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Guy Fiske has gotten a lot out of his oil painting classes at Westminster-Canterbury of the Blue Ridge. And now, he has made a generous donation to ensure that others will gain similar benefits from the program.
He and his wife, Jacqueline, moved into their beautiful Blue Ridge apartment in May of 2016. Sadly, Jacqueline passed away soon thereafter. In time, Guy took up oil painting. He had been painting already, with acrylics. But “I switched over because we have a great oil teacher, Marcia Mitchell,” he says.
As Guy’s skills grew, he was pleased to show some of his work along WCBR’s Gallery Walk.
Guy has been a faithful annual contributor to the WCBR Foundation, according to Bethanie Constant, the vice president of development at WCBR. When he learned that he could direct his generous contribution to the Life Enrichment Fund, and that it would cover many of the activities he and fellow residents enjoyed, it inspired an increased contribution.
He has enjoyed seeing the oil classes grow. When he arrived, the popular class was watercolors. He’s got nothing against that form of expression, but “I wasn’t very good at watercolors.” He found that once he had the right teacher, oil was the medium for him. Others have come to agree. Now there are 10 in the latest oils class, making it just as big as watercolors. More than that, he says, there are “four men in the class now.”
He’s done what he could to make the class grow: “I asked what it would cost to open it and they told me, and I put the money up.”
This fits with a familiar pattern for Guy Fiske. At 97, he can look back upon a lifetime of finding something valuable, and then playing a leading role in building it up successfully.
As an ensign in the Navy, he was a landing craft group commander, and landed troops under enemy fire in seven invasions in the Pacific, the last one being the battle of Okinawa. He was promoted to lieutenant commander at the age of 22. He might have become an admiral had he stayed in, but he went on to make his mark in an impressive variety of ways in the private sector.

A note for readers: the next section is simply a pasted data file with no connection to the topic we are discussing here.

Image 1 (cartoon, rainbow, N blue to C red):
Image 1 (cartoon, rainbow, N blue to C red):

He first spent 20 years with General Electric in a variety of leadership capacities, starting in sales and ending up over the information systems equipment division. He went from there to corporate vice president and group executive of the International Telephone and Telegraph Corp. Then he became chairman of Asbestos Corp., Ltd., and eventually was executive vice president and director of the General Dynamics Corp.
Along the way, he was involved in purchasing several companies and building them far beyond their original value. One he bought for $10 million, and the company sold it for twenty times that.
Then he turned back to the public sector, working for a guy named Ronald Reagan. He was undersecretary of Energy and became deputy secretary of Commerce in 1982.
Today, he puts that creative energy to work producing paintings of horses, elephants, and many other subjects at a prodigious rate – so many that “I don’t have any room in my apartment.”
And now, his contribution to the Life Enrichment Fund assures others will have opportunity to exercise their creativity as well.
The Life Enrichment Fund offers residents the chance to enhance their quality of life through cultural, educational, leisure and recreational programming. Gifts such as Guy’s may be used to support the offering of performances, lectures, classes, and instruction provided by local and regional professionals. Examples of supported activities and programs include the Jessup Memorial Library, live concerts, art classes, music and art therapy, computer classes, and other group activities and events.
“Coming out of the pandemic, I was thrilled to learn that an oil painting class was being offered because of a very generous donor,” said student artist Joan Kammire. “Unleashing one’s creativity, especially in a new and challenging area, is so healthy for mind and spirit. The guidance and support from our instructor and classmates were warm, encouraging and very much needed after a long period of limited contact with other residents. I am very grateful to WCBR and the muse who made this opportunity possible.”
Thanks to Guy’s gift, and gifts from other donors, these classes and art supplies are currently provided at no cost to students. If you are interested in supporting Life Enrichment, like Guy, contact Bethanie Constant at (434) 972-3281, Bethanie.Constant@wc-br.org, or stop by the Development Office at WCBR to learn more.